“If we do not prevent Chinese power from spreading in our societies in due time, there is a risk that one day we will be threatened with silence and that our values of democracy, freedom of expression and rights human rights are no longer saved, ”he added. noted.
Emborg, a young Danish social democrat, suggested that critical infrastructures be identified and mapped, and that they be prohibited from being sold to Chinese actors.
NATO enters – Russia leaves
In addition to NATO’s Stoltenberg, distinguished guest speakers from the Polish Senate, the German Bundestag and the UK House of Commons addressed the Copenhagen meeting.
As in tradition, a delegation of Russian parliamentarians was invited to observe the Nordic Council meeting – but Russian MPs canceled their attendance this year, without giving any reasons. And a scheduled meeting with the presidium of the Nordic Council had to be canceled.
Swedish Conservative MP Hans Wallmark was not too disappointed. He said the cancellation had actually made “things easier”.
“I note that there are no representatives of the [Russian] Duma here …… it is much easier for representatives of a democratically elected parliament to associate with only other democrats ”.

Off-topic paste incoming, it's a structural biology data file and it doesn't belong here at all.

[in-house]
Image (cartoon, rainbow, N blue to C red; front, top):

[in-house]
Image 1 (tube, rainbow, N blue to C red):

However, others regretted the absence of Russia. “Before, we had a good dialogue with the Duma delegation,” Danish Greens-Left MP Christian Juhl told EUobserver.
Greenland prepares its Arctic strategy
Cooperation in the Arctic is one of the few forums where Russia and Western countries always sit at the same negotiating tables and the situation in the Arctic is another reason to strengthen foreign policy and security cooperation Nordic countries, Juhl said, calling it a “big step forward”.
“When I started in the Nordic Council, it was not at all possible to discuss foreign policy. Our proposals on Palestine, Western Sahara, the search for peace and the like were categorically rejected. But the arctic situation and since US policies have become less stable, the Nordic Council is now open to discussions on China, Russia, cybersecurity – everything. ”